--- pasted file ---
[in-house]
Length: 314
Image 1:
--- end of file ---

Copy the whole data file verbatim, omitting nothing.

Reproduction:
[in-house]
Length: 314
Image 1: